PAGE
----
MarketWatch First Take: IBM earnings beat is a product of tax avoidance, and it’s nothing new

IBM Corp. somehow managed to maintain its rock-bottom effective tax rate in Tuesday’s earnings report, riding its continuing ability to avoid taxes to an earnings beat and after-hours stock gains.

IBM IBM, -0.20%  managed to beat expectations for profit and sales despite revenue declining for a 22nd consecutive quarter, to $19.15 billion from $19.22 billion a year ago. Even coming that close to break-even helped IBM stock push higher in late trading by more than 5%, combating a slide that had seen shares decline 11.7% so far this year, as the S&P 500 index SPX, +0.07%  has gained 14.3%.

The company’s profit also topped analyst estimates, at $2.92 a share against average expectations of $2.84 a share, thanks to an astonishingly low effective tax rate of 11%. Yes, you read that right, while the average American citizen pays about 30% of their income in taxes, IBM paid 11% of its profits out to governments in the third quarter, in which net income was more than $2.7 billion.

Honestly, it shouldn’t be a surprise anymore that IBM managed to post a low effective tax rate, which includes more than just federal corporate income taxes. As MarketWatch reported earlier this month, IBM has had the second-lowest median effective tax rate of the 30 Dow Jones Industrial Average DJIA, +0.18%  components over the past five quarters, with only General Electric Co. GE, -0.73% getting away with paying less. One of seven Dow component companies to pay a tax rate lower than 20%, IBM has a median effective tax rate of 10% in the five quarters preceding the one it reported Tuesday, so apparently we should be thankful that it tacked on the extra 1% in that period.

Most U.S. corporations reduce taxes through various loopholes and money-losing divisions, corporate restructurings and other write-downs. Many also park revenue earned overseas in the country it was earned, rather than move those funds back to the U.S. and pay more taxes.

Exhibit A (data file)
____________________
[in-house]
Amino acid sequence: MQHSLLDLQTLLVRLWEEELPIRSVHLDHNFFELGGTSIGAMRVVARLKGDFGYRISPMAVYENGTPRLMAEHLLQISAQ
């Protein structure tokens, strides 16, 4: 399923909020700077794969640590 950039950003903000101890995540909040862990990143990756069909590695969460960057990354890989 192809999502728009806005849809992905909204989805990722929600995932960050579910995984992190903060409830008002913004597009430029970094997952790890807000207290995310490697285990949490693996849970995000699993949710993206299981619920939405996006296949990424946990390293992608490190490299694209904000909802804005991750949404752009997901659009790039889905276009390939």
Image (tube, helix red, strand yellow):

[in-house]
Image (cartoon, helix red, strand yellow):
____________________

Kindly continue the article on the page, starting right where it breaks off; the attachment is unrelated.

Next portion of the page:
Don’t miss: Here are the actual tax rates the biggest companies in America pay

In IBM’s case, a discrete tax benefit of $582 million related to an intra-entity asset transfer — shuffling non-inventory like intellectual property between business units, an exercise for which accounting practices are changing and IBM chose to adopt the new approach early — gave it an effective tax rate of negative 23.1% in the first quarter of 2017, according to a regulatory filing. A big benefit like that can bring down average tax rates even when stretched out over several quarters.

IBM, however, is realizing much more than just that one-time gain. Before Big Blue announced another stunningly low effective tax rate three months ago, Kulbinder Garcha, then an analyst at Credit Suisse First Boston, noted that IBM’s effective tax rate “has been a key driver in cushioning the drastic decline in underlying profits since 2014.”

See also: Amazon, Apple, Google and Facebook will all go away within 50 years, author says

Garcha said that IBM is engaging in deferring taxes, which he called an aggressive tax practice, and said IBM’s tax rate had helped the company’s earnings materially on average about 7% over the last three years. He said IBM’s tax rate then was the lowest among large-cap tech companies, and called the gains unsustainable.

IBM doesn’t seem to think that its ability to put up a low effective tax rate is going away soon, however. On the company’s call with analysts Tuesday, Chief Financial Officer Martin Schroeter said IBM’s ongoing operational tax rate would remain in the range of 15%, plus or minus three points, keeping it at about half the going corporate tax rate in the U.S. of 35% even at the high end.

President Donald Trump has heralded a reduction in the 35% corporate tax rate as a way to help businesses and investors, with a targeted rate of 20%. IBM is already effectively paying less than 20% in global taxes, however, while raking in billions in profit and pushing a good portion of that money back out in stock buybacks to further cushion its earnings.

The question for those looking at corporate tax reform is how to iron out the loopholes while cutting the overall rate to avoid even larger deficits than the U.S. is facing right now. The question for IBM and its investors is how much longer Big Blue can continue to pad its profits by avoiding taxes, and if there will ever be a reckoning for its current practices.

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